So, to make sure your business stays relevant:
Find ways to obtain formal feedback from your customers. Most businesses -- if they have face-to-face contact -- will ask customers about their experience. For example, restaurant personnel will ask if your meal is prepared correctly, and grocery clerks will ask if you were able to find everything you needed.
However, a more formal survey will allow you to obtain data, which may be preferable. There are dozens of ways to collect data, including paper, online surveys and focus groups. Use the information you collect to make your offerings more appealing to your customers.
We're assuming you have documented your business processes. If not, you have some work ahead of you. We know that no one is going to pay you a nickel more because you have well-documented processes, but without them, you'll find it difficult to improve your organization. However, your processes are a living document. You need to review each process periodically to ensure that:
En route, some people change the way they do things and don't update the documentation. And, sometimes, those changes are for the better. If so, you want to communicate this "better way" to other members of the organization through the updated process.
If this isn't a change for the better, you'll want to get the employee or employees back to using the process as documented. Either way, auditing your processes is an important step.
All businesses need a well-thought-out set of metrics that they use to ensure that the company stays on track. Whether you are actively trying to grow, or not, you need to understand your organization's performance. Having a set of measures that you review on a daily, weekly and/or monthly basis is crucial to knowing when performance is meeting expectations or not.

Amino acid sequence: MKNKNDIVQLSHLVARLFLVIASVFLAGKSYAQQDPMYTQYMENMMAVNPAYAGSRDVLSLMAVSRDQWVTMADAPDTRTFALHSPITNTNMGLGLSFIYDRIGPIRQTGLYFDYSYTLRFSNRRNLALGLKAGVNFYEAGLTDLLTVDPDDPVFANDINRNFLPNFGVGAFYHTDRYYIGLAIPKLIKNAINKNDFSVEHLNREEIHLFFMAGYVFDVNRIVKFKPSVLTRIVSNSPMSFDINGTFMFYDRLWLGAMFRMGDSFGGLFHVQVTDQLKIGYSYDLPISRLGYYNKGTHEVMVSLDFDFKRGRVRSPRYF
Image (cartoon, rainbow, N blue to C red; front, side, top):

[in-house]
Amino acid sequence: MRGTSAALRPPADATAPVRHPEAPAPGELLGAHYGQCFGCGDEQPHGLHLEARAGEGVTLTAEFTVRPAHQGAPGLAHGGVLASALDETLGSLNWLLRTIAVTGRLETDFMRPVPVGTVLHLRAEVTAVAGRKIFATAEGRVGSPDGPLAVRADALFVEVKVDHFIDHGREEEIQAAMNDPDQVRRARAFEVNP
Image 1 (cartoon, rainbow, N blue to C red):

Metrics will differ for each company but might include the rate for on-time deliveries, numbers of sales calls, daily or weekly sales numbers or any of a thousand other items. The trick is to consistently measure and review those items that are crucial to your organization's success.
Employees who work directly with customers are in a unique position to help your organization. Because they are on the front lines, they hear what the customer is saying and know the capabilities of the organization. They know when processes are not working well and when specific employees are underperforming or need training.
So, actively solicit your employees for ideas to improve the business. Again, there are several ways to accomplish this. Depending on the size and complexity of your organization, you may find it more efficient to provide an online tool for employee feedback.
For all these reasons: If you want a viable business, we suggest that you remove the word "satisfied" from your vocabulary. After all, the world is changing rapidly. What customers want and expect today will not be the same in the future. Be the inspired leader who has high aspirations. Business owners who are never satisfied will never become complacent. They'll never have to deal with a desperate situation.
This article was first published by Doug and Polly White on Entrepreneur